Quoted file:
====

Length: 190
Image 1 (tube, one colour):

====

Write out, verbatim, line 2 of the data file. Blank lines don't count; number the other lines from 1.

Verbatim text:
Image 1 (tube, one colour):